You are bringing your pet in for surgery tomorrow morning. Tensions are high. You love your pet, you want to do what's right for your pet, but you have a lot of questions that haven't been answered. So what do you do? So what do you say? First off, relax – most of the time, with anesthesia, there is no problems. No big deal, right?
Let me ask you this – what if it were you that were going into surgery tomorrow? What questions would you ask the doctor or the staff about things to do preoperatively? That's a huge and very important question to ask. There's nothing worse then not knowing, the unknown factor. So what can we do as a profession to ease your mind?
Several things come to mind in this situation. First off, do is much as you can proactively to eliminate the unknown. This means a complete physical exam prior to surgery, pre-anesthetic blood work, and during the procedure to monitor your pet for all of their vital signs. Eliminate the unknown! Pre-anesthetic bloodwork will tell the doctor and staff about your pet's organ system functions, and also how their cells are working in their body. This is very important. To fight infection, to tolerate the drugs that we used to make the procedure goes smoothly, and recovery from the anesthesia.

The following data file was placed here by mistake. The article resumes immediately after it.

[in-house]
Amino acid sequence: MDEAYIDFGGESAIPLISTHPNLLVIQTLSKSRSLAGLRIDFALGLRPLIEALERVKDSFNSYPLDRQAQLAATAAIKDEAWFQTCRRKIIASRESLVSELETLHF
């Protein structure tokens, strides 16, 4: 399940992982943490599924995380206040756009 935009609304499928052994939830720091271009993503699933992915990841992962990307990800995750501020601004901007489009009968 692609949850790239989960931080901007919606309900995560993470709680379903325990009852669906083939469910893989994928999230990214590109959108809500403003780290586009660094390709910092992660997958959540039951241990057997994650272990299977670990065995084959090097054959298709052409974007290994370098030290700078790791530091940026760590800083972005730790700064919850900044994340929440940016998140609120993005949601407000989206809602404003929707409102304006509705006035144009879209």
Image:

Monitoring your pet during the surgery is also very important. Making sure that you have easy access to their bloodstream for administering drugs, fluid therapy, and monitoring all of your pet's vital signs including body temperature, blood pressure, heart rate, oxygen levels in the blood, and gases that are expelled by your pet during the procedure. These are all very important parameters and can tell us before anything critical happens, to adjust certain things about your pets anesthesia to make it safer. Eliminate the unknown! Not knowing these things and doing the surgery, puts your pet at unnecessary risks of something going wrong and the staff not knowing about. Is that unknown worth the risk, because you think the cost of these things is too expensive? Your answer should be no. Please ask, because if you don't, you may regret it. It's the worst phone call ever to make to call a client after the surgery and tell them that their pet had a problem and possibly died. You never want to have to tell anybody that, especially in an elective procedure like a dental, spay, or neuter. We always give our clients estimates for surgeries, no matter what. We do not cut corners on surgeries! There are good reasons why we do this and I've explained those in this post. But still ask questions, that is a good thing. Costs have to be figured in on everything that we do, because we know it's important to you. So always ask before we do surgery, that way everybody will be on the same page. You should always ask your veterinarian the same questions because they are very very important. If he or she cannot answer those questions, then you may want to reconsider them doing the surgery. Eliminate the unknown! Dr. Biles